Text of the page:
Foreign Policy Debate: Why Hugo Chavez Wants Obama to Win the Debate and the Election

Barack Obama has tonight’s debate in the bag. America’s foreign policy has never been better — at least in the eyes of the international community.

Remember 2008? Planet Earth stood still four years ago, its collective breath held in the hopes that the United States would finally join the rest of the enlightened world on the center-left path towards European-style socialism. The American voters duly rewarded their faith.

The president still has that magic touch. Just like four years ago, Obama has near-universal support beyond America’s borders. Mind you, he’s left much to be desired, especially for those who hoped he’d close Guantanamo, rescue Europe from its fiscal free-fall, and keep Iran’s Ahmadinejad from fulfilling his own campaign promise to obliterate Israel. But surely Obama’s cosmopolitan politics — “lead from behind” chief among them — are preferable to a Mitt Romney presidency.

The world’s dictators agree. In the past year, Hugo ChavezRaul Castro, and Vladimir Putin have thrown their lot in with Barack Obama. Their unsolicited advice speaks volumes.

They all have their reasons. Castro and Chavez both appreciate our president’s political and philosophical kinship. It turns out that universal health care, the near-nationalization of America’s banking and auto industries, and the nonstop attacks on the 1% all sit well with the world’s socialists. Bafflingly, those countries have persistent economic hardships. Good thing they're both too big to fail.

Putin has been less forthcoming with his own reasoning. It isn’t that difficult to discern, though.  Obama’s “Russia Reset” has been nothing more than a "Russian Resurgence." Naturally, Putin takes particular joy in propping up pro-terrorist, anti-American regimes like Syria and Iran. So much for the fall of the Berlin Wall.

Admittedly, Obama hasn’t swept every category — yet. Some of the world’s most sought-after endorsements have yet to come in. But he shouldn’t lose hope. After all our president has done for Iran, Ahmadinejad will surely cast his vote within the next few days. Communist China shouldn’t be far behind — the interest payments alone on the debt we owe them will fill their coffers for generations. I only hope Obama’s thank-you notes are handwritten.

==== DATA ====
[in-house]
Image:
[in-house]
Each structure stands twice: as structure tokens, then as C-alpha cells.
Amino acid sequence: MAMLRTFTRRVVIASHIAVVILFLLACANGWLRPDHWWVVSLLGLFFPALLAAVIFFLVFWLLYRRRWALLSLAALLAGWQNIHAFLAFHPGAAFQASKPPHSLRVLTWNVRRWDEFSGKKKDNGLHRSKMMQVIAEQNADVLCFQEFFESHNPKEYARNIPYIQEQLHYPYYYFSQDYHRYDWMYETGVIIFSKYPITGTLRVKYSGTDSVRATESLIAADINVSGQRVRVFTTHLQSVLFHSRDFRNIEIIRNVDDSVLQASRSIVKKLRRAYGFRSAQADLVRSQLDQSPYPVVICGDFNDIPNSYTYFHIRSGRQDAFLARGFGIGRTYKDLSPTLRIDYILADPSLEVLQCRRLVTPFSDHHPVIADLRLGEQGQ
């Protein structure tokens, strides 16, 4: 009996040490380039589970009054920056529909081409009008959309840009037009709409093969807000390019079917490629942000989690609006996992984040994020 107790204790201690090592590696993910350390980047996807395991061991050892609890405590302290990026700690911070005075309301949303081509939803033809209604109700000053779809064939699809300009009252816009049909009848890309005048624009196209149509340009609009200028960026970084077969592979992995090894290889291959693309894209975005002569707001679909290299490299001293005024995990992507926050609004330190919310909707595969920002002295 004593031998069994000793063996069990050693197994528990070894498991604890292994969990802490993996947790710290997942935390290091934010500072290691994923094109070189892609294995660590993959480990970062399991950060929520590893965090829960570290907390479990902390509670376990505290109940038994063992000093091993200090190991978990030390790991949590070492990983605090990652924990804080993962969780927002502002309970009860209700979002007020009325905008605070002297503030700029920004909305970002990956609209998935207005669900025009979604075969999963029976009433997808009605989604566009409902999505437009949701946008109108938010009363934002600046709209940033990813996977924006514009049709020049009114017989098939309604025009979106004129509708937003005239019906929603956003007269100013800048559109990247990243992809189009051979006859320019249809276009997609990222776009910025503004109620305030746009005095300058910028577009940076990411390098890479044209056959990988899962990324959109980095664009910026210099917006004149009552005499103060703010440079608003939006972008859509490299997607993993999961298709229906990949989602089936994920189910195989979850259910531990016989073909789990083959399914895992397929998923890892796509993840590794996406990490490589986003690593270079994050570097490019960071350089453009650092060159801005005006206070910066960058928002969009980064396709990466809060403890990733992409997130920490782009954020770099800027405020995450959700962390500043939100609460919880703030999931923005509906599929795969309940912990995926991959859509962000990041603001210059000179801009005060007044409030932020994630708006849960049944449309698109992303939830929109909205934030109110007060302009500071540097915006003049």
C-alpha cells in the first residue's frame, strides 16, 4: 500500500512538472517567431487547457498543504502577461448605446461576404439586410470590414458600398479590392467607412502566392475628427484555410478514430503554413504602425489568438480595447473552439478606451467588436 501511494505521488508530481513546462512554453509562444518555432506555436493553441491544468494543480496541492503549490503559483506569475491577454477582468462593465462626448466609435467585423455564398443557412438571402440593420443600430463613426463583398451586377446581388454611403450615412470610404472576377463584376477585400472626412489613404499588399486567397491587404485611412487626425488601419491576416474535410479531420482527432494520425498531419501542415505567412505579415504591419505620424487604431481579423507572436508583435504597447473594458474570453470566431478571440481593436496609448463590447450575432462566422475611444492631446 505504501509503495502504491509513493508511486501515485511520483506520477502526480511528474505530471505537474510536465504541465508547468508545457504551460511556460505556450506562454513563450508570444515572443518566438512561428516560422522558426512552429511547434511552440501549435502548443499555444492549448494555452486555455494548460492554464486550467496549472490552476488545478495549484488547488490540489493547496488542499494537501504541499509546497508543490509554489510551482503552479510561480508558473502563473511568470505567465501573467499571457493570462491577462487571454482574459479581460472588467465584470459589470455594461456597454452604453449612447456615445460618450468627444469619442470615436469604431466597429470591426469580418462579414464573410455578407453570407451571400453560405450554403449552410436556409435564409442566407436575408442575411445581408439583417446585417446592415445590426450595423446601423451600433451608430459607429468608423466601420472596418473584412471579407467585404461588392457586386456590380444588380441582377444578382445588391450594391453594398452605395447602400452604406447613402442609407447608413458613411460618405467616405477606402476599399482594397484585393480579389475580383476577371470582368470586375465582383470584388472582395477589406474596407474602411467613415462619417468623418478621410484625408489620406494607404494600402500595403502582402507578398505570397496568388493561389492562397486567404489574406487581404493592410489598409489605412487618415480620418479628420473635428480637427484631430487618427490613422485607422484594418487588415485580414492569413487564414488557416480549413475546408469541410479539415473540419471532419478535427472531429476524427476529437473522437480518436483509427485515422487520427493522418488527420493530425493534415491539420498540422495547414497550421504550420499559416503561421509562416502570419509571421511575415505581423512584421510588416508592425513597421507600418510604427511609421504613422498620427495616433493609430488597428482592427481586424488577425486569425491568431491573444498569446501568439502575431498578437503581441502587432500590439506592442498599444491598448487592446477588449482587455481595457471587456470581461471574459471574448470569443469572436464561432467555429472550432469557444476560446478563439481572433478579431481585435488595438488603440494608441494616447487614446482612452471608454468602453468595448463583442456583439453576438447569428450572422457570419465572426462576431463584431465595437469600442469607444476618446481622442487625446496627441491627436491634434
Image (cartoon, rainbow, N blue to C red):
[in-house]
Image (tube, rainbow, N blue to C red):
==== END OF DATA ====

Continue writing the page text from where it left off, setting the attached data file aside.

How likely are you to make Mic your go-to news source?

Stephen Ford

Stephen Ford is a communication director a D.C.-based government affairs firm.

MORE FROM

Twin bombings in Pakistan market kill at least 15

This story is breaking.

Federal judge blocks deportations of Iraqi Christians

The ACLU celebrated the decision as a "life-saving action" temporarily keeping Chaldean Christians from facing religious persecution in Iraq.

Johnny Depp jokes about assassinating Donald Trump

"It's been a while," Depp said, "and maybe it's time."

Trump says he finds special counsel Mueller's relationship with James Comey "bothersome"

Trump says "virtually everybody agrees" that there's been no collusion or obstruction of justice.

'Hot Mic' podcast: GOP Senate health care, Comey tapes, 2016 election data stolen

The important stories to get you caught up for Friday

Watchdog groups sue Trump for deleting tweets, allegedly violating Presidential Records Act

Trump's deleted tweets may come back to haunt him.

Twin bombings in Pakistan market kill at least 15

This story is breaking.

Federal judge blocks deportations of Iraqi Christians

The ACLU celebrated the decision as a "life-saving action" temporarily keeping Chaldean Christians from facing religious persecution in Iraq.

Johnny Depp jokes about assassinating Donald Trump

"It's been a while," Depp said, "and maybe it's time."

Trump says he finds special counsel Mueller's relationship with James Comey "bothersome"

Trump says "virtually everybody agrees" that there's been no collusion or obstruction of justice.

'Hot Mic' podcast: GOP Senate health care, Comey tapes, 2016 election data stolen

The important stories to get you caught up for Friday

Watchdog groups sue Trump for deleting tweets, allegedly violating Presidential Records Act

Trump's deleted tweets may come back to haunt him.